- ORCID makes it easy to import research output from other sources and integrates with systems of many scholarly publishers, research funders, and organizations.
Obtain your ORCiD
- Registering is free, privacy-protected, and quick. Go to ORCID's registration page. Once you have the ID, add your CWRU email address to ensure your ID is linked to CWRU as an institution.
Build and manage your ORCiD profile
- You also have the option to build your profile through the “import works” button, associating your papers, data sets, and other research output with your ID. You can then include the ID as a link on your CV or web page.
- Use your ORCiD whenever you publish or apply for research grants. Many scholarly publishers integrate ORCiDs into their manuscript submission processes, saving authors time during the submission process and enabling automatic updating of author bibliographies when articles are published. Grant funders often require ORCiDs to streamline the application process.
Online professional profiles constitute easy ways to share and showcase your work and represent a great way to increase your visibility and discoverability. Due to its popularity as a research tool, Google Scholar represents an excellent platform to promote your work. Built on the vast Google data, Google Scholar indexes literature regardless of the source. A Google Scholar Profile ensures that all the publications are brought together and correctly assigned to the right author(s), as well as keeps track of citation numbers.
* Be sure to complete your name, affiliation, and email address at this time. We recommend that you use your Case Western Reserve University email address and authorize Google Scholar to display your affiliation.
- Go to scholar.google.com and (if you are not already logged in) click “sign in” in the upper right corner. Sign in using your CWRU credentials, then click on “my profile” in the upper left hand corner to get started.
- Google Scholar will present you with a list of publications that include your name as author. Some may be yours, and some may not be, especially if you have a common name. If you are a prolific author, or if you have a very common name, there may be many publications to review the first time you set up your profile. If there are publications that don’t belong to you, click the check box beside each and then click “delete.” This will remove the record for that item from your profile. If Google has identified multiple records that are really referring to the same work, you can click the checkbox next to all records that refer to the same work and click “merge.”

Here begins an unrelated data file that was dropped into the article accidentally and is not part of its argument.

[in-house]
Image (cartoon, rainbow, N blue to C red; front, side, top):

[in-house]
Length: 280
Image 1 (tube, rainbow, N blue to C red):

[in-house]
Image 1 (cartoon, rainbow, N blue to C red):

Now you'll be given two decisions to make:
Do you want Google Scholar to automatically add your publications to your profile as it finds them (without you having to do anything), or do you want it to send you an email with publications to review before they appear on your profile? This is up to you, and you can change it later if you wish.
Do you want your profile to be public? If you check the box to make it public, you’ll be more “Googleable” by others.
Click “Follow” in the upper right hand corner of your profile page to receive email alerts for any new publications associated with you, as well as new citations of your work. (Tip: you can “follow” new publications and new citations for any researcher with a public Google Scholar profile, not just yourself).
Enhance your profile by adding co-authors: click “Edit” next to “Co-authors” on the right-hand side of your profile page.
Post-Graduate Planning and Experiential Education is committed to offering a variety of services from major exploration tools to individualized career counseling sessions, resume critiques, mock interviews, and Career Fairs.
To ensure that the broadest possible audience can access and read your work, you can share your work in an open access repository, regardless of where you publish. Such repositories, managed by the world's libraries, research institutions, and funders, also work to ensure that your scholarship is preserved in the long term.
Sharing your work in an open access repository means knowing what rights you have as a publishing author, and what rights a publisher needs to in order to disseminate your work. Knowing your rights as an author, and how to retain them, gives you greater control over your scholarship. When you author an original research article, you are automatically granted copyright ownership of it, along with your co-authors. This means you have the rights to reproduce, distribute, present, display and build upon your work unless you transfer those rights to someone else. For scholarly articles, publishers require some transfer of rights in order to disseminate your work, but as an author you are entitled to negotiate which rights you retain to use, share, and build upon your work.